The company behind the Richard and Judy premium rate telephone quiz scandal has been fined £150,000.
Richard and Judy apologised to viewers over the problems
Premium rate services regulator Icstis imposed the record penalty on Eckoh UK Ltd after an investigation into the Channel 4 show.
It found viewers were urged to call its You Say, We Pay quiz after potential winners had been chosen, showing a "reckless disregard" for TV viewers.
Icstis is referring the case to media regulator Ofcom.
The watchdog has indicated it may wish to investigate the actions of the parties involved under the Ofcom Broadcasting Code.
Icstis also ordered a sanction to provide refunds to all those affected.
But Eckoh complained that it had been made a "scapegoat" and that it would consider appealing.
Icstis chairman Sir Alistair Graham said the size of the fine reflected the "very serious nature" of the breach of its Code of Practice.
"The hearing panel found clear evidence of fundamental failings in the winner selection process.
"Winners were being chosen before the competition closing deadline, whilst millions of additional viewers were still encouraged to phone in and pay to enter the competition but were denied the opportunity of fair consideration.
"Such reckless disregard for viewers is unacceptable. In this case, viewers were not only 'paying competition entrants' but also consumers who enjoy a high degree of consumer protection already provided by Icstis."
He added: "The public should be able to use these services with absolute confidence."
Icstis said that almost five million viewers entered the competition at a cost of £1 per call.
But 47% of calls were received after the shortlist of winners had already been chosen. Production company Cactus were responsible for choosing potential winners.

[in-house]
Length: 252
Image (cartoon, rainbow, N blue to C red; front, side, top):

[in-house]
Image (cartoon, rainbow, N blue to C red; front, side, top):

A Channel 4 spokesman said it was shocked to learn that management at Eckoh were aware the competition was not being operated properly six months before the problems were made public.
The spokesman said: "We engaged Eckoh in good faith as a reputable and experienced service provider and we are very disappointed by their failure to ensure that all calls to the competition were handled properly."
Channel 4 said it has since introduced a new monitoring regime to audit the performance of service providers on its remaining phone-in competitions.
'Misled the public'
Eckoh spokesperson Harry Chathli said: "Icstis accepts that Eckoh has learnt from this case, but nonetheless has imposed this sanction 'to provide incentive to other service providers who may not yet have taken the steps that Eckoh have to ensure compliance'.
"Because of this we can't help but feel that we've been made a scapegoat and we will be considering an appeal once we have seen the result of the Ofcom investigation."
Eckoh said the regulations governing premium rate services were "fundamentally flawed".
In a statement the company said: "Under the current Icstis Code of Practice, the service provider is exclusively responsible for any breaches of compliance, irrespective of who is actually responsible or how this came about. It is for this reason that only Eckoh has been fined today.
"Information providers, in this case Channel 4 and Cactus, are outside the jurisdiction of Icstis and it is unable to take action against them unless they agree."
"In our view where a television programme has misled the public in promoting calls to a premium rate service it would seem appropriate that either the broadcaster or production company, or both, should also be brought before the regulator."